Climate Change Indicators in the United States
This figure shows modeled trends in lilac and honeysuckle first leaf dates across the contiguous 48 states, using the 1981 to 2010 average as a baseline. Positive values indicate that leaf growth began later in the year, and negative values indicate that leafing occurred earlier. The thicker line was smoothed using a nine-year weighted average. Choosing a different long-term average for comparison would not change the shape of the data over time.
Data source: Schwartz, 2011 4
This figure shows modeled trends in lilac and honeysuckle first bloom dates across the contiguous 48 states, using the 1981 to 2010 average as a baseline. Positive values indicate that blooming began later in the year, and negative values indicate that blooming occurred earlier. The thicker line was smoothed using a nine-year weighted average. Choosing a different long-term average for comparison would not change the shape of the data over time.
Data source: Schwartz, 2011 5
- First leaf growth in lilacs and honeysuckles in the contiguous 48 states is now occurring a few days earlier than it did in the early 1900s. Although the data show a great deal of year-to-year variability, a noticeable change toward earlier dates seems to have begun around the 1980s (see Figure 1).
- Lilac and honeysuckle bloom dates show a high degree of year-to-year variability, which makes it difficult to determine whether a statistically meaningful change has taken place (see Figure 2).
- Other studies have looked at trends in leaf and bloom dates across all of North America and the entire Northern Hemisphere. These studies have also found a trend toward earlier spring events—some more pronounced than the trends seen in just the contiguous 48 states. 3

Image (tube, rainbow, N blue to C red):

The timing of natural events, such as flower blooms and animal migration, is influenced by changes in climate. Phenology is the study of such important seasonal events. Phenological events are influenced by a combination of climate factors, including light, temperature, rainfall, and humidity. Different plant and animal species respond to different cues.
Scientists have very high confidence that the earlier arrival of spring events is linked to recent warming trends in global climate. 1 Disruptions in the timing of these events can have a variety of impacts on ecosystems and human society. For example, an earlier spring might lead to longer growing seasons (see the Length of Growing Season indicator), more abundant invasive species and pests, and earlier and longer allergy seasons.
Because of their close connection with climate, the timing of phenological events can be used as an indicator of the sensitivity of ecological processes to climate change. Some phenological indicators cover broad trends, such as overall “leaf-on” dates (when trees grow new leaves in the spring), using a combination of satellite data and ground observations. Others rely on ground observations that look at specific types or species of plants or animals. Two particularly useful indicators of the timing of spring events are the first leaf dates and the first bloom dates of lilacs and honeysuckles, which have an easily monitored flowering season, relatively high survival rate, and large geographic distribution. The first leaf date in these plants relates to the timing of “early spring,” while the first bloom date is consistent with the timing of later spring events, such as the start of growth in forest vegetation. 2